About Our Headjoints
The headjoint must be considered the engine of the flute. It is the most personal piece of equipment for the flutist, and it is largely responsible for the tone and response of the instrument.
We have the artistry of the headjoint makers to thank for the strides that have been made in recent years towards the incredible level of performance that flutes now display. This is a result of very dedicated craftspeople and the competition that propels each to continually produce to highest levels.
Student instruments have also benefited from enhancements in design and manufacturing techniques used in headjoints. Often we hear comments that certain student flutes of today play better than professional flutes of yesteryear.
Many musicians that play on an “old favorite” flute are very surprised by how much better their flute plays with a modern headjoint. Most performing flutists regularly test new headjoints to see if a change can bring benefits.
There are so many aspects to headjoint making, all of which interact with each other. One can liken the design and building of a headjoint to the creation of a food recipe. Ingredients may include different angles, tapers, radiuses, various dimensions, and materials.
No one aspect of making a headjoint can be considered the key to a masterwork. Rather, just as in a great recipe, it takes a careful and thoughtful combining of the ingredients and skilled hands that create a great head. While all the great headjoint makers may include some undercutting of the hole for example, it cannot be said that undercutting makes a great headjoint. If that were true, then salt would make a great chicken soup.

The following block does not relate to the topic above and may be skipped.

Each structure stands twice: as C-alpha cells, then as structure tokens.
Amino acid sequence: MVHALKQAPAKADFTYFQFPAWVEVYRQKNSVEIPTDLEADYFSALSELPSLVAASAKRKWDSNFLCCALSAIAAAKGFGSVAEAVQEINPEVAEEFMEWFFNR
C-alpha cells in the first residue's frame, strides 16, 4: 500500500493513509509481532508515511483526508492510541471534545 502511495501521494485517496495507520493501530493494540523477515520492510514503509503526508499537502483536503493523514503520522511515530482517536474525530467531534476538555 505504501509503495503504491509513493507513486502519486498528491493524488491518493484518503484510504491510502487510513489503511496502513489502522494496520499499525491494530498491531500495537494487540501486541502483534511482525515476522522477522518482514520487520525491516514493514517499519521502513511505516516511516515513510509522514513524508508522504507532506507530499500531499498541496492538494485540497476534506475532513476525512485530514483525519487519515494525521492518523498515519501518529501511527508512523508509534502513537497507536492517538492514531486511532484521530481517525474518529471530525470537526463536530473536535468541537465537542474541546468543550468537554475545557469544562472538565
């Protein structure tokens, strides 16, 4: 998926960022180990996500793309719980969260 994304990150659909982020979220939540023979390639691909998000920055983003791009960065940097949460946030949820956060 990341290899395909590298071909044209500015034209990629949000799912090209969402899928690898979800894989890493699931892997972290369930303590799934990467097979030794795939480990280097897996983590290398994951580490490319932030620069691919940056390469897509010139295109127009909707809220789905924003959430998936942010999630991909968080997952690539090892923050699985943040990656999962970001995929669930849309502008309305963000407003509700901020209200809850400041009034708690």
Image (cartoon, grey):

We are determined to offer a great and complimentary selection of heajoints that can update your old flute, or personally tailor your new flute.
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Materials Used in Headjoint Production
There is considerable debate concerning the effects of materials on the sound generated by a headjoint. Many other factors come into play as well. As you search for your next headjoint, I encourage you to be open-minded and try any and every headjoint, whether it is silver, wood, stainless steel, or anything else! The important thing is the performance of the headjoint and the sound it produces, regardless of the material.
Silver: Headjoints made with silver tubing are the most popular headjoints that we sell, particularly with a gold riser or lip plate. Most silver used in headjoint making is sterling, or .925. These headjoints can be made with various wall-thicknesses, from thin (.014), to medium (.016), to heavy (.018). Silver tends to have a brilliant sound. Some say bright. Silver headjoints are well-matched to silver or silver-plated flutes. Most makers offer their silver headjoints with a choice of gold or platinum riser, or with a gold lip plate. Mancke’s metal headjoints are offered with a grenadilla wood lip plate. Changing the riser or lip plate material has a significant effect on the tone by enhancing the sound of the silver with some characteristics of the other material.